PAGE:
From the book cover: Odessa, Ukraine, is the humor capital of the former Soviet Union, but in an upside-down world where waiters earn more than doctors and Odessans depend on the Mafia for basics like phone service and medical supplies, no one is laughing. After months of job hunting, Daria, a young engineer, finds a plum position at a foreign firm as a secretary. But every plum has a pit. In this case, it’s Mr. Harmon, who makes it clear that sleeping with him is job one. Daria evades Harmon’s advances by recruiting her neighbor, the slippery Olga, to be his mistress. But soon Olga sets her sights on Daria’s job.
Daria begins to moonlight as an interpreter at Soviet Unions, a matchmaking agency that organizes “socials” where lonely American men can meet desperate Odessan women. Her grandmother wants Daria to leave Ukraine for good and pushes her to marry one of the men she meets, but Daria already has feelings for a local. She must choose between her world and America, between Vlad, a sexy, irresponsible mobster, and Tristan, a teacher nearly twice her age. Daria chooses security and America. Only it’s not exactly what she thought it would be…
A wry, tender, and darkly funny look at marriage, the desires we don’t acknowledge, and the aftermath of communism, “Moonlight in Odessa” is a novel about the choices and sacrifices that people make in the pursuit of love and stability.
I was rather pulled in by this book from the start. Daria was an engaging character, and the kind of girl I’d like to be friends with. Which made reading about her life and choices kind of difficult, I think I often would have had the same reaction to her that her American friend Jane had. I just felt so deeply for Daria, wanting the best for her, that I almost felt protective of her.
Daria is a non-native English speaker, so there are little parts in the book where she conjugates words in English, such as “swim, swam, swum”. I found myself doing this in my actual life, in my head anyway, because it was just so charming! It’s the kind of thing I never think about in my own language, and realistically it’s probably good to get me thinking about the different forms of our words.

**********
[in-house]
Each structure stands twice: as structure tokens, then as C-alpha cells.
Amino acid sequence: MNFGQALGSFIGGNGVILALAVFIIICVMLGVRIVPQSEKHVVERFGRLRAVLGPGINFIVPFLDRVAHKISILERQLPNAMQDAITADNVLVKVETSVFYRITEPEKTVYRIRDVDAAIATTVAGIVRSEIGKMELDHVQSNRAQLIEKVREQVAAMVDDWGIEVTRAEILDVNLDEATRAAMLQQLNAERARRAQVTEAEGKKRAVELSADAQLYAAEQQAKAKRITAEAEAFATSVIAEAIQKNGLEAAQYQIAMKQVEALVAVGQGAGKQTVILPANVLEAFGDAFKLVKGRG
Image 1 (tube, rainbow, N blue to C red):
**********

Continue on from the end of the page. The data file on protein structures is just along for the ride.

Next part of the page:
I think the biggest thing about this book that spoke to me was that although Daria is from the Ukraine and is looking for a better life, this is kind of a comment on the life of a woman in general. Daria comes to America expecting a perfect, magical life, and it just doesn’t happen that way. But if you think about the problems she has throughout the book, they aren’t exactly things that are unique to the fact that she’s not from the US.
If you look at the book from a woman’s point of view, many of us have the same concerns and problems that Daria has. Obviously, she has the added complication of relying on her link to the states, Tristan, to be able to stay here. But otherwise, don’t we all feel a little like we have to stay with a man to survive?
Women in America are in a better position than we’ve ever been, but we still face plenty of struggles that men will never know. We often make less money than our male colleagues and partners, have fewer advantages simply because of our gender, yet we’re expected to run our households and raise our families. The attitude of the average man has improved, I’ll give you that, but it’s not uncommon to find a man who really expects everything at home to be handed to him by his wife.
Am I generalizing? Absolutely. I know there are also plenty of really great men out there. But I have lived in the United States my whole life and the only time I’ve ever felt like I wasn’t required to live up to the expectations of the men in my life was…when I moved to a place where there were no men in my life. I think all you need to be able to see the sadness in Daria’s life and feel sympathy for her is look at your own past and reflect on how the men in your life have made you feel. If you can look back and don’t understand where Daria is coming from, please count your blessings.
I had a hard time reading about Daria’s life with Tristan, just because I understand that feeling of thinking you’re trapped. Not knowing how to get out, forge your own life. I feel fortunate that I’ve been able to do that, and I hope that other women who feel that way are able to do the same thing.
This is the sort of book I think I would have read in one sitting if I’d had time to do so, and I also feel like I’ll be coming back to it for rereads in the future. I hope the author writes a sequel to this book, because I’d really like to see what the future holds for Daria. Like I said, she feels like a friend, and who doesn’t want to stay caught up with their friends?
Read this book if: You’re interested in a sweet character story, and a lovely romantic look at the Ukraine at the same time. About half of this book takes place in America, but the rest is in the Ukraine, and I absolutely loved hearing about a place I knew virtually nothing about.